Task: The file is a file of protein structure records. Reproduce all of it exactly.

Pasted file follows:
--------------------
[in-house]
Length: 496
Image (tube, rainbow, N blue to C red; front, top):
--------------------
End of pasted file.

[in-house]
Length: 496
Image (tube, rainbow, N blue to C red; front, top):